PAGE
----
While working in a small upscale French restaurant 10-15 years ago, someone accidentally ordered 4 litres of pre-peeled garlic. It promptly started to go off from a lack of use, and stink up the walk-in, and I remember worrying about the smell attacking the rest of our mise en place and fruit, cheese etc. A fellow cook who I worked with had spent a few years working in South Korea, and she was the only one embracing the fermented garlic cooler-stench wafting around our small kitchen. She had eaten her fill of (intentionally) fermented foods while there, and loved it enough for some rotten garlic in our walk-in to be causing her nostalgia. I found this hilarious yet oddly intriguing at the time, and have never forgotten it. Little did I know….
Fermented is now the new green, which is great for people like myself, (enthusiastic, but needs to see it happening to fully understand it, as opposed to reading about it in great black and white detail a trillion times while absorbing nothing) because there are now plenty of colourful pictures and videos out there happily spinning our right-brained minds into action.
Everything about fermenting your own foods is funky, from the smell (it is subtly funky, unlike rotting garlic, and you learn to love it, as the smell of pride and creation), the froths and foams that can billow over the top, the vinegar-free acid taste appearing like magic out of nowhere, and the fact that things happen. They are mostly invisible, but they are happening and they are important.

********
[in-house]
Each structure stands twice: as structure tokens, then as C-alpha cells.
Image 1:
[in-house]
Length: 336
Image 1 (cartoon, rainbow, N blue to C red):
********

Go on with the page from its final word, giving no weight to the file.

Fermented foods can contain more living probiotics than probiotic supplements, which is great news, and not only because cabbage costs considerably less than the supplements. People often notice that things move more ‘regularly’ when they include some fermented foods in their diet. Many chemo drugs (and other medications) can cause cement-like constipation, which, let’s be honest, really sucks on a good day, but it means that toxins aren’t leaving the body (cancer and cancer drugs need out before they reabsorb into your bloodstream) and it doesn’t help out in the psycho-spiritual arena either.
I’m just going to say it -pooing is important, and fermenting your food is one of the best ways to set yourself up for regular wins and happiness. They also help out with digestion, mineral absorption and produce other nutrients including B vitamins (used up in excess during stressful times). Including a little bit of cultured/fermented food in every meal is a good habit to get into whether you are preventing cancer or supporting yourself through a cancer chapter of your life. A healthy gut is one of the best tools to help us reach our optimal health, and homemade fermented foods are an inexpensive, simple and effective way of achieving it.
Sauerkraut is one of the most commonly made types of fermented foods. This works in terms of crushing cancer because cabbage, being from the cruciferous family, already has crushing cancer in its repertoire, but give it some extra gut-army-building bacteria, and we have some pretty powerful (homemade!) stuff. Roll around in it for a while, it’s empowering. By all means, don’t stop at cabbage though, add spices, herbs, sea vegetables and other tasty veggies to your cabbage to mix it up. Or skip the cabbage altogether and ferment some grated carrots with ginger, some red onions and dill to add to your salads, and beets are AWESOME when they are fermented. I can’t help but think you’ll love them too. The fermentation process also mellows out the fibers, softening the vegetables as though they are lightly cooked, but being raw, they still contain all of their enzymes to help optimize digestion.